5 Science-Backed Yoga Poses for Insomnia Improvement.


As lonely as you may be tossing and turning late at night, you are definitely not alone. Recent studies show that between 30% and 50% of us suffer from chronic or occasional insomnia. One in five adults has trouble falling asleep every night. When you’ve exhausted other forms of sleep-inducing advice—or just slipped up and indulged in a late afternoon espresso—you can still try something. These science-backed yoga poses for insomnia cost nothing, have no unwanted side effects, and often provide relief within minutes.

However, alchemy is not simply holding yoga poses. Instead, effectiveness depends largely on how well you maintain your posture. Striving to intensify the stretch or cursing the fact that you’re awake just triggers more tension and stress, which compete with the restorative properties of each pose.

Instead, take a deep breath and exhale. Many studies related to yoga poses attribute insomniac poses to slower breathing patterns. Whenever your breathing rate relaxes, everything else relaxes. You can count your breaths or follow a prescribed breathing scheme that suits you. Or just allow yourself to breathe more easily than usual.

The following science-backed yoga poses for insomnia may lull you to sleep, especially if you practice them night after night.

5 Science-Backed Yoga Poses for Insomnia

1. Big Toe Pose

Why it works: Legendary among yoga teachers, forward bends can bring about calm. The forward-leaning motion stretches the back of the body, from heels to head, and releases built-up muscle tension. It also stimulates the nerves that run along the spinal cord and are thought to be responsible for activating the parasympathetic nervous system, which inspires calmness of mind and body. Additionally, the base of the big toe is believed to be a reflex point for stimulating the pituitary gland, which regulates the body’s sleep-wake cycle by releasing melatonin.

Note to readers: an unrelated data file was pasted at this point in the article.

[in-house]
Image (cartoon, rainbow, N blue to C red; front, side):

How to: Stand with your feet hip-distance apart, or, if you experience tightness or pain in your lower back, spread your feet wider. Gently bend forward from the hips, bending the knees as far as possible to experience a relatively comfortable stretch. Grasp each big toe firmly with your index, middle, and thumb, or place your hands on the floor or the back of your calf. Bend your elbows and actively press down on your feet, releasing the top of your head to the floor as you relax your neck in Padangusthasana. Take a deep breath and stay here for 1-3 minutes.

2. Bada Konasana (Bound Angle Pose)

Why it works: It’s well-documented that joint pain can lead to sleep disturbances. This pain has many potential causes, but if it’s related to muscle tension, stretching your lower back, hips, shoulders, or knees can help reduce discomfort when falling asleep and while sleeping. This single pose addresses each of these target areas. Be sure to consult your doctor if you experience chronic pain.

How to: From standing with a forward bend, come to a seated position, bringing the soles of your feet together and letting your knees out to the sides to release  Baddha Konasana. Keep your heels a comfortable distance from your hips. Lean forward from the hips, bringing the chest close to the wall in front of you. Place your hands on your ankles and bend your elbows. Notice if you grip and relax with your hands. Release your shoulders, and let your head drop if your neck is comfortable. Breathe and stay here for 1 minute.